How to make a homemade face mask
Should you wear a facemask? So far, the recommendation for the general public has been no. But that may change. On Tuesday, March 31, all indications pointed to the CDC reversing its previous recommendation that people not wear masks.
Arguments against wearing masks include the possibility of improper use, a false sense of security, and the resultant relaxing of the protocols already put in place — social distancing and hand washing. But the most strident argument is that if everyone were to don a facemask, the already dwindling supply of bona fide, medical-grade masks available to health care workers would become even more severely strained than it already is.
Dr. Nicole Alexander Scott, head of the R.I. Department of Health, announced on March 31, during Gov. Gina Raimondo’s daily press briefing on COVID-19 that all healthcare workers in Rhode Island are now required to wear medical masks to protect themselves and the patients they are working with.
We’ve been told we’re at war and in times of war, beyond planting Victory Gardens, there have always been crafters, mainly women, who have risen to the occasion to roll bandages and knit hats, scarves, and socks for soldiers – whatever is needed. Now there are groups galvanizing on social media to make face masks.
There is even at least one team on Block Island making them — although not in true team style due to social distancing. Mary Stover, whose granddaughter spent 69 days in a neonatal intensive care unit, has made 28 masks to date — her goal is 50. Stover told The Block Island Times that Kaylan McAleer was collecting masks to be donated to a NICU where the nurses need additional masks to wear in front of the babies. “We just started making them,” said Stover. “They’re all different colors. You get a little artistic.”
Forbes magazine recently published an article on the subject of making masks with links to patterns and an analysis of the effectiveness of various materials in blocking viruses. In just the past week there has been an astronomical increase in the number of groups making masks across the country and a proliferation of how-to videos on platforms such as YouTube.
On his Clean Air Blog, Paddy Robertson, CEO of Smart Air, (www.smartairfilters.com) presents a data analysis performed at Cambridge University on the effectiveness of various materials in providing a barrier to bacteria and viruses. They “shot” particles through different fabrics and then tabulated the results.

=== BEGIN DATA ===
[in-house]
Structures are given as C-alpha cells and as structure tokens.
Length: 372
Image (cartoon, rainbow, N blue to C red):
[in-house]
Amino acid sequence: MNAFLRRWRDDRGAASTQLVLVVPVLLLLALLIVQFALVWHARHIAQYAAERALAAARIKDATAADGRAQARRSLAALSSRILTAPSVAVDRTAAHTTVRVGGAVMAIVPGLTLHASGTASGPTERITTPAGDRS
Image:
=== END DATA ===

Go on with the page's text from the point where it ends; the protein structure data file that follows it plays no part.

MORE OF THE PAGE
As a reference point, surgical masks blocked 97 percent of the particles. In second place was a vacuum cleaner bag at 95 percent. In third place was a dishtowel, called a tea towel in the UK, at 83 percent. Also listed were cotton t-shirts, sheets, linen, and silk materials. This data was for a one-micron particle, but the coronavirus is 10 times smaller. So, the researchers tested the same materials with particles that were one half the size of the coronavirus.
Using the smaller size, the surgical mask fell to 89 percent, the tea towel to 73, and the t-shirt to 51 percent.
They then doubled the fabric and tested again. They also rated the materials as to breathability. Bye bye vacuum cleaner bag. The conclusion was that the best materials to use were cotton t-shirts, and other all cotton materials. A double layer of t-shirt cotton can block out 69 percent of the smallest particles tested.
Homemade masks may not be medical grade, but they can provide some protection and help “flatten the curve,” or just extend the life of a medical-grade mask by fitting over it. They are easily made either with a sewing machine or just stitched by hand.
If you can sew on a button, you can make a mask. They seem to come in two types — one with pleats across the front, which seems more suitably made with a woven cotton, and that may be used over a surgical mask, and one that has a curved seam going down the middle from the top of the nose to the chin, which is probably a better bet for something stretchy like a t-shirt. There is a free pattern for the latter type at www.freesewing.org, called a “Fu Face Mask.”
Most designs call for a loop of elastic that goes over the ears, but as anyone on Block Island knows, elastic has a short life in a humid environment, and unless one sews, it’s not a supply likely to have on hand. Plus, retailers are reportedly out. So, what are some hacks? You can substitute the elastic loop with fabric ties, (cut the hem off your t-shirt and they are already done), or shoelaces. Evidently, one can cut apart a bungee cord and find elastic there. You could even use a ponytail elastic.
Stover says her son-in-law, a nurse on the front lines in Boston, prefers fabric ties over elastic for long-time wear as the elastic becomes irritating, and it’s easy to loop the ties over another mask.
Unless specifically requested, medical facilities may shun donations of masks for now, but that may change if supplies run short, but that shouldn’t stop you from making some for your family and friends.